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Onglyza Lawsuit Alleging AstraZeneca and Bristol-Myers Squibb Failed to Provide Proper Warnings

Onglyza Lawsuit

Onglyza Lawsuit Alleging AstraZeneca and Bristol-Myers Squibb Failed to Provide Proper Warnings

Another lawsuit was recently filed in the US District Court for the Northern District of Georgia alleging that a Georgia woman suffered heart failure that was caused by the diabetes drug Onglyza. The complaint, which was filed against the drug makers AstraZeneca and Bristol-Myers Squibb on July 24, claims that the drug was defective because it failed to adequately warn consumers and the healthcare community about the risks of heart failure when taking the drug. The complaint was filed on behalf of Cynthia Turner who alleged she took the medication from 2013 to 2014 and it caused her to develop heart failure, congestive heart failure and other cardiac injuries.

The Complaint specifically alleges:

Defendants marketed, promoted, distributed, and sold unreasonably dangerous and defective prescription Saxagliptin to health care providers empowered to prescribe and dispense to consumers, including Plaintiff, without adequate warnings and other clinically relevant information and data. Through both omissions and affirmative misstatements, Defendants misled the medical community about the risk/benefit balance of Saxagliptin, which resulted in injury to Plaintiff

View the full version of the filed complaint HERE.

Onglyza was developed by AstraZeneca and Bristol-Myers Squibb and approved by the FDA in July 2009 for the treatment of type 2 diabetes. The FDA launched an investigation concerning Onglyza and potential cardiac risks associated with the drug after the publication of the SAVOR study by the New England Journal of Medicine in 2013. Read more about the SAVOR study HERE. Ultimately the FDA required the makers of the drug to add warnings to the labels of all saxagliptin-based drugs, including Onglyza, warning patients and their doctors that the drug may cause heart failure.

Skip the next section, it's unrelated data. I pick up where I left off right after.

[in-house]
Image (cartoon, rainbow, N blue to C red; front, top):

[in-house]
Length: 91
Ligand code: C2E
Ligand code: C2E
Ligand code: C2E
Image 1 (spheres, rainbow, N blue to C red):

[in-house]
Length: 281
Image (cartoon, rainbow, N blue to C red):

The FDA’s actions came after an in-depth evaluation of the studies and clinical data linking Onglyza to congestive heart failure. In April 2015 the FDA’s FDA’s Endocrinologic and Metabolic Drugs Advisory Committee voted 14-1 for stronger warnings to be added to the drugs labeling about the cardiac risks. Read more about the FDA’s investigation HERE. Their review included looking at two large clinical trials involving patients with heart disease that found the saxagliptin or alogliptin groups were at a higher risk of being hospitalized for heart failure than the placebo group.

These risks are particularly important to healthcare providers and patients when doing a risk/benefit analysis to determine the most effective and safest drug for a particular patient. The Turner complaint is similar to a growing number of other complaints alleging that AstraZeneca and Bristol-Myers Squibb failed to warn patients and the medical community of the heart failure risks associated with Onglyza. Read more about the other lawsuits filed HERE.

Protect Your Rights

If you or a loved one have suffered heart failure, congestive heart failure, cardiac complications or death while taking ONGLYZA or KOMBIGLYZE XR to treat type 2 diabetes you may be entitled to compensation. Please contact us today.

There are time limits by which you need to file a product liability lawsuit. Those limits could time bar your case if it is not filed in a timely manner. Your state of residence, when you ingested the drug and when you experienced injuries could all affect how much time you have to file.

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Securities Lawyer Melissa_Hague

Melissa Fry Hague

If you believe you or a loved one may have an Onglyza claim, contact us today. One of our attorneys will contact you within 24 hours to conduct a free and confidential evaluation of your case.

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In our legal system, every person is innocent until and unless found guilty by a court of law or a tribunal. Whenever we reference “allegations” or charges that are “alleged,” such allegations or charges have not been proven, and are merely accusations, not findings of fault, as of the date of the blog. We do not have, nor do we undertake, a duty to continue to monitor or follow cases about which we report, and/or to publish subsequent updates regarding various developments that may occur in such cases. Readers are encouraged to conduct their own research regarding any such cases and any developments that may or may not have occurred in such cases. Also, the brokercheck report linked to some of our blogs is the up-to-date version as of the date of accessing. Visitors may check the most recent version of each brokercheck report at

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